Steve Conrad
“You have to write in multiples of three and four if you ever want to see another film produced. You grind out four screenplays, make them the very best they can be, do your best to make them equally strong, and then the rest of it’s never up to you.”
Minding His Business
At 19, Steve Conrad was a screenwriting wunderkind but a career downturn nearly forced him from the industry. Now a veteran, the Unfinished Business scribe recaps what adversity taught him and how he kept going.

Written by Todd Aaron Jensen

(March 13, 2015)

“It’s better to burn out than to fade away,” Neil Young warbled contemplatively some 35 years ago, distilling the existential angst of every wunderkind who’s ever lived. In 1988, at the age of 19, a Northwestern University dropout from Boca Raton sold his first screenplay, Wrestling Ernest Hemingway, which was turned into a feature film starring Richard Harris, Robert Duvall, and Shirley MacLaine, directed by critically acclaimed Randa Haines. When the modestly budgeted film failed to galvanize audiences, its screenwriter, Steve Conrad, found himself suddenly at a crossroads Neil Young could appreciate. “I went from being a ‘player’ at 20 or 21 to not being a player for 10 years,” laughs Conrad, whose latest film, Unfinished Business, is currently in theaters.

“I went very quickly from being just another aspiring writer to being the luckiest writer in the world with that cast and that director and having a rush of success that gave me a few good career options to all of a sudden have no options again and having to claw my way back into a place where I might have some decent options.” It’s a journey or character arc familiar to many artists, and also to audiences who have enjoyed other Conrad-penned films, The Weatherman, The Pursuit of Happyness, and The Secret Life of Walter Mitty. As a writer, Conrad believes there’s always some “unfinished business,” so to speak, that it’s never really a question of burning out or fading away, but of simply keeping on.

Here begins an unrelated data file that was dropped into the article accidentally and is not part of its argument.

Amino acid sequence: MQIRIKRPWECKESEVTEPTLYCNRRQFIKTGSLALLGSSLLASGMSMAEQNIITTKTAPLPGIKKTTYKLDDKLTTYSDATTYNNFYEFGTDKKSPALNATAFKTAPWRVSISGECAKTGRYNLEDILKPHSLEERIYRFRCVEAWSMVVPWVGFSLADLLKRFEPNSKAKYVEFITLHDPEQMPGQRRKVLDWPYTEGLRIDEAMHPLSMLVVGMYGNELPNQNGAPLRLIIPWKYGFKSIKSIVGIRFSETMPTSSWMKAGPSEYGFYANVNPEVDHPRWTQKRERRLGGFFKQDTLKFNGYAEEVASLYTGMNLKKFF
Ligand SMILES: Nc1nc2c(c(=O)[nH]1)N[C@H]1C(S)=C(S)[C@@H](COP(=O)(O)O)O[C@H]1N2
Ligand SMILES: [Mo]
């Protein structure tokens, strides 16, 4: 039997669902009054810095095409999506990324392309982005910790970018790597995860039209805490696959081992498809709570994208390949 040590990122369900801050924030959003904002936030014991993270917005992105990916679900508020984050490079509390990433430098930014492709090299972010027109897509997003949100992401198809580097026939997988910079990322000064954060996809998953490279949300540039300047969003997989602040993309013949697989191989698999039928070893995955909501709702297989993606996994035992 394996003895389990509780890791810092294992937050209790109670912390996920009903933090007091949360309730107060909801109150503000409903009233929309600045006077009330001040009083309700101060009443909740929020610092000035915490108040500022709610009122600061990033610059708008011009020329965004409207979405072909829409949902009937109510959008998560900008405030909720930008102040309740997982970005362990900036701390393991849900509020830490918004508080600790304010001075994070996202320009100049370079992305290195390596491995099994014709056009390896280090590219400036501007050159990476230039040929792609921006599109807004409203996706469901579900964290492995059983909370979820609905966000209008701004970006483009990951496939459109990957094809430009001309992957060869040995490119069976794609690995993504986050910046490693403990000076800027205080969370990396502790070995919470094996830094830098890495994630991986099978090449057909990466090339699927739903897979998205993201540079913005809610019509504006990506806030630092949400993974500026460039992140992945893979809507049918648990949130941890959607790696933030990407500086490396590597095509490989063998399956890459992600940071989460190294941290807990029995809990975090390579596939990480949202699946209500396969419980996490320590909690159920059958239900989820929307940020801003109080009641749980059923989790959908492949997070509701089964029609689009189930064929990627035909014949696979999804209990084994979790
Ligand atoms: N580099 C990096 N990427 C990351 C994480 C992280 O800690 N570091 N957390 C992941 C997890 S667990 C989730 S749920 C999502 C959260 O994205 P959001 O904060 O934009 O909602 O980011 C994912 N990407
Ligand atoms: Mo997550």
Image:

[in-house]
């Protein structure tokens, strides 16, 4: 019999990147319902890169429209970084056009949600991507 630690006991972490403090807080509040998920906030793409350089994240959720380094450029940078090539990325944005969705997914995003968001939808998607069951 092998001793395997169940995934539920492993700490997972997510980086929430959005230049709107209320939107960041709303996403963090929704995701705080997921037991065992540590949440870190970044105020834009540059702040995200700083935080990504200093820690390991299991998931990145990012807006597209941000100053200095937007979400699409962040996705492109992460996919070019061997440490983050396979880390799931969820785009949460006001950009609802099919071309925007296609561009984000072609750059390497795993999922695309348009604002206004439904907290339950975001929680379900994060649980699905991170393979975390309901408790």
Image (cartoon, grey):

What did you learn from the Ernest Hemingway experience?

That really, I had just been incredibly lucky first time around. Randa was at a point in her career where she could push through a small movie that she was passionate about, and we had actors who loved the script who could get a movie of that shape and size produced. If any of those things hadn’t clicked, and there’s never a reason why they do or should, the movie wouldn’t have happened. So what I learned is: it’s never going to be that easy again. The only response to that realization I could come up with was to write even more. You have to write in multiples of three and four if you ever want to see another film produced. You grind out four screenplays, make them the very best they can be, do your best to make them equally strong, and then the rest of it’s never up to you.


Photo: © 2015 Twentieth Century Fox Film
Vince Vaughn, Tom Wilkinson, and Dave Franco in Unfinished Business.

Where did the impetus to write come from in your life?

Films were a part of my everyday life when I was growing up. I lived with a connoisseur of films – my dad. He was a guy with exquisitely broad taste, and an exquisite mind and he was a bit of a professor for me. By the time I was 20 years old, I had seen so many films of so many different shapes and sizes that I had a little bit of a sense of the rhythms of a film and the cadence of a film – the craft work behind a movie. I knew what a scene was supposed to do before I had written a million of them. That’s another case of dumb luck in my life – which is an incredibly undervalued aspect of this industry.

What are some screenplays and films that have inspired you through the years?